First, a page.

The Markets are Having Greater Influence Over Monetary Policy
- Any hope of a Fed hike in June has likely collapsed in June - even if the central bank initially intended to move
- Monetary policy has targeted influence over financial stability, and speculation renders it effective or ineffective
- Both the ECB and BoJ have pushed their influence to the point of showing their limitations relative to the market
Having trouble trading in the FX markets? This may be why.
We know that central banks can generate serious volatility for the markets - the Fed, ECB and BoJ have given us clear evidence of that over the years. However, the balance of power seems to have shifted materially recently. It is increasingly clear that the market's expectations and its anticipated reactions to monetary policy are shaping what policy these authorities actually pursue.
The Fed is offering some of the most recent evidence of this speculative weight in policy determination. The FOMC has remained adamant that it would push forward with normalization of its monetary policy (so long as data warrants). Yet, the projected pace has consistently been lowered as the opportunities have come and gone. Data trends have certainly had a hand in this, but so to has the market's view. Recognizing that surprising the market can lead to destructive volatility in the financial system - which in turn poisons the market conditions the group is trying to keep steady - the bank has emphasized its communications effort. The circumstances and expectations have likely rendered a June 15 hike impossible.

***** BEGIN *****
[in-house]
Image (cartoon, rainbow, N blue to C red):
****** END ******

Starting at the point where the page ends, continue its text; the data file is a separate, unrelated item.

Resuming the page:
Meanwhile, other central banks may have found themselves following the rule of the with a little less decorum. The ECB adopted QE expansion efforts that were sizable but were met with a decisively contradictory market response. Escalation did little to regain control of speculation. Circumstances for the BoJ are much the same with the adoption of negative rates rendering little of the market influence it once had over the Yen's bearings. Perhaps the PBoC has maintained some greater degree of control owing to the vagueness of its situation, efforts and capabilities. Then again, perhaps it hasn't been put to the test to the same degree. We discuss how market sentiment is increasingly dictating monetary policy in today's Strategy Video.
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